Wednesday, July 31, 2013

3rd Email newsletter 3/22/2013

This is the 3rd installment done on March 22, 2013

Hello Everyone!

This year is going by so fast.  This is the first family installment for 2013.  I decided to write a little more about the Bell side this time.  Since we are all related I thought it would still be relevant for the Steele’s.  In honor of the Jackie Robinson movie coming out 42 ( I would like to talk about Ambrose Reid. 

Warren Charles Bell married a woman from Putnam County named Mary Louise (Mollie) Reid.  Warren Bell must have been very well respected in the community because the announcement of the marriage made it into the Union Recorder newspaper. 

January 26, 1886 
Union and Recorder 
 Warren Bell, the colored porter of the store of A. Joseph, Esq., was married in Eatonton, on Wednesday, 20th inst., to Miss Mollie Reid, of that town, the ceremony being performed by Rev. G. W. Fears. Warren was born and raised here and has the esteem of many whites as well as colored friends. We hope he and his bride will have a happy and prosperous voyage on the somewhat uncertain sea of matrimony.

I have attached a photo of Mollie in her wedding gown. This was probably handmade by Mollie herself because she was listed as a seamstress on the census.  Don’t be alarmed that is was not white, the tradition of wearing white wedding gowns came much later after the wedding of Queen Victoria to Albert in 1840. It did not become a tradition around the world until the advent of the department store where purchases of wedding gowns were available in 1890.

Now back to Ambrose.  Mollie’s mother was a woman name Katherine (Katie) Broyle.  Katie took the name Rainey from the family that she traveled to Georgia with from Woodstock or Culpepper, Virginia.  I am not sure what her status was I have not found her listed as a FPOC in 1850 or 1860.  Katie had two children (Mollie and Katherine) by a man name David Henry Reid. The Reid’s were Irish/Scots that migrated to Georgia from North Carolina, via Lancaster, Pennsylvania, via Ulster, Ireland.  David Reid fought in the civil war as a confederate soldier along side another solider name William Suther who Katie had an additional 5 children with. These children are listed as Rainey’s and never took the Suther name.  They were Willie (Big Willie) Tommy Lee (Uncle Bubba), Jessie, Deuie or Dewie, and Annie Claude or Claudia.

Jessie had a son by an Eatonton resident (last name Reid), which she named Ambrose Leevolia Reid, he was named after the brother that Katie Broyle left in Virginia and would never see again.  Ambrose Reid was born December 3, 1895 or 1898 in Eatonton, Georgia and died in April of 1966 in Philadelphia, Pennsylvania.  I don’t know when Ambrose took up baseball but in 1920 Ambrose Reid is listed as a player in the Southern Negro League on the Atlanta Black Crackers.  From 1920 – 1932 he played for numerous team including the Detroit Stars, Atlantic City Bacharach Giants, Philadelphia Hilldale Giants, Homestead Grays, and the Pittsburgh Crawfords.  He played outfield, first, second, and third base.  Here is an excerpt from a story in 1931 that talks about Ambrose’s playing.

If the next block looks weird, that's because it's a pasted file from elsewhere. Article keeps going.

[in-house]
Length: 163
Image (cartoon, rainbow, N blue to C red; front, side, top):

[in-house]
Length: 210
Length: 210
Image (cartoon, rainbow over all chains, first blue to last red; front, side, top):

Ageless Joe Williams went the distance as Homestead’s Grays finished off St. Louis’ Stars in an April 13, 1931, luminous pitched, 8-1 win. Williams slammed out a solo home run, showing that he was still the “Smokey Joe” of old at bat as well as on the mound. Outfielder Ambrose Reid waylaid a pair of home runs, while ‘Jud” Wilson added another home run. The win completed Pittsburgh’s three-game series sweep.

The History of the Negro Leagues

Prior to 1890 there were integrated baseball teams. Fleetwood Walker and John D. “Bud” Fowler were some of the most prominent black players during this time. Due to pressures of segregation, there were about 200 black independent teams that played in loosely organized groups by 1880.  By the early 1900’s the black baseball league found America’s heartland and the south. By the end of World War I black baseball had become the number one entertainment attraction for urban black populations.  Three leagues were formed The Negro National League, The Negro Southern League, and the Eastern Colored League.  Ambrose at one time or another played in all three leagues.  Negro baseball became one the most successful financial ventures of the time.  As World War II came to a close many felt that it was time that baseball’s color barriers came down. On April 18, 1946 the Dodger’s owner Branch Richie signed Jackie Robinson. Robinson was instrumental in leading the Dodgers to a National League pendant. He was also awarded Rookie of the Year.  At the end of the 1949 season the Negro League disbanded.

During Ambrose’s time on the field he was on a championship team and played with the some of the greatest players in history.  He helped pave the way by instilling the love of baseball in people’s hearts and mind. He laid out a path for future players like Jackie Robinson. Attached is Ambrose’s card that sold last year for $948. 
If anyone has other pictures or stories about Ambrose let me know.

Family Updated Research

Also thanks to our cousin Karen in California, there is a correction to the Jane Gilbert/Brooks/Mitchell story.  Laura Mitchell’s mother was Jane McComb and Jane Gilbert is listed as Grandmother on the 1880 census.  I have corrected the information on my page.  Also our story of Jane and family was used in the February newsletter on (

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